The microbiome is essential for normal gut intrinsic primary afferent neuron excitability in the mouse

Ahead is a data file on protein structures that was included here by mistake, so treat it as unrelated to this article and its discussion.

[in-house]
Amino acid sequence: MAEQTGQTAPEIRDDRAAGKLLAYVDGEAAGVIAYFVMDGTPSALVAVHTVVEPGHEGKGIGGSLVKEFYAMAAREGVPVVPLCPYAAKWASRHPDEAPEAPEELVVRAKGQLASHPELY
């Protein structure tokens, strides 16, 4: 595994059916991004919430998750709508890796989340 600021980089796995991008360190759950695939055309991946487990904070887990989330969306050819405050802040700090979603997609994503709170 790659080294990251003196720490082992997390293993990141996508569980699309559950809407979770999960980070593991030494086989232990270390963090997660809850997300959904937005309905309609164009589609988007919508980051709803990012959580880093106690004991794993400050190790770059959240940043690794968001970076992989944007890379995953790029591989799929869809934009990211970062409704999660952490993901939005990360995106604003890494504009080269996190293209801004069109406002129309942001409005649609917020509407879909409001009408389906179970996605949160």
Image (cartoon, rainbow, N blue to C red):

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BACKGROUND: The role of intestinal microbiota in the development and function of host physiology is of high interest, especially with respect to the nervous system. While strong evidence has accrued that intestinal bacteria alter host nervous system function, mechanisms by which this occurs have remained elusive. For this reason, we have carried out experiments examining the electrophysiological properties of neurons in the myenteric plexus of the enteric nervous system (ENS) in germ-free (GF) mice compared with specific pathogen-free (SPF) control mice and adult germ-free mice that have been conventionalized (CONV-GF) with intestinal bacteria. METHODS: Segments of jejunum from 8 to 12 week old GF, SPF, and CONV-GF mice were dissected to expose the myenteric plexus. Intracellular recordings in current-clamp mode were made by impaling cells with sharp microelectrodes. Action potential (AP) shapes, firing thresholds, the number of APs fired at 2× threshold, and passive membrane characteristics were measured. KEY RESULTS: In GF mice, excitability was decreased in myenteric afterhyperpolarization (AH) neurons as measured by a lower resting membrane potential and by the number of APs generated at 2× threshold. The post AP slow afterhyperpolarization (sAHP) was prolonged for GF compared with SPF and CONV-GF animals. Passive membrane characteristics were also altered in GF mice by a decrease in input resistance. CONCLUSIONS & INFERENCES: Here, we report the novel finding that commensal intestinal microbiota are necessary for normal excitability of gut sensory neurons and thus provide a potential mechanism for the transfer of information between the microbiota and nervous system.
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